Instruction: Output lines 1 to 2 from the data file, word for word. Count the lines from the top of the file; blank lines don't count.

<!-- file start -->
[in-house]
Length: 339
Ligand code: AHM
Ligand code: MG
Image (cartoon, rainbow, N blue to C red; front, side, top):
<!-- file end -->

[in-house]
Length: 339